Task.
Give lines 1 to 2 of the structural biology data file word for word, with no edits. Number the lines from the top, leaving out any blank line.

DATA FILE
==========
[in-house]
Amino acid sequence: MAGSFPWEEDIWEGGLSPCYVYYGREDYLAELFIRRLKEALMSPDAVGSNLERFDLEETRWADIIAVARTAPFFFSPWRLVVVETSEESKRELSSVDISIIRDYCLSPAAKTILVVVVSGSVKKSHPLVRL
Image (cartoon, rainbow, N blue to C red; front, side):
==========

[in-house]
Amino acid sequence: MAGSFPWEEDIWEGGLSPCYVYYGREDYLAELFIRRLKEALMSPDAVGSNLERFDLEETRWADIIAVARTAPFFFSPWRLVVVETSEESKRELSSVDISIIRDYCLSPAAKTILVVVVSGSVKKSHPLVRL